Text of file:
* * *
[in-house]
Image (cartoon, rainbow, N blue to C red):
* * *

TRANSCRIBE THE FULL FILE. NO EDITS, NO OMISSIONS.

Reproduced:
[in-house]
Image (cartoon, rainbow, N blue to C red):